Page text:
By Alexander Villafania INQUIRER.net First Posted 16:29:00 04/26/2009
MANILA, Philippines--He never really wanted to become a war photographer and only wanted to travel. But when he was sent out to cover his first war in Yugoslavia about 10 years ago, he never left. Pulitzer Prize awardee and photographer Karsten Thielker said that war photography is one of the most challenging and most dangerous areas of journalism.
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"You always have to look up. Something might fall," Thielker quipped. But while photography remains an important aspect of covering wars, Thielker said there is also growing concern over the distribution of photos showing copious amount of blood through the Internet, a platform that remains uncensored.Thielker himself rarely use the Internet except only to send photos or do email. "I never spend over an hour using the Internet," he said.
While he believes the Internet is widely useful for research and communication, it is also a medium that is abused.As the Internet becomes an important source for information for many, it becomes difficult to provide honest journalism since it is not censored. In addition, digital photography has also brought about new problems of fakery.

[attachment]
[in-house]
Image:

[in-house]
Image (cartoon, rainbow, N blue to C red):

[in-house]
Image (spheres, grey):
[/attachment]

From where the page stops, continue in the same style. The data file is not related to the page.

He said it would be difficult for people to discern the truth from a photo if it is altered for the purposes of having a compelling photo. "People have to find the right balance to the photos that they're seeing. They must know what's the truth," Thielker said. Thielker, who works as a war photographer for the Associated Press, won the Pulitzer Prize in 1995 for his photos of the violence in Rwanda.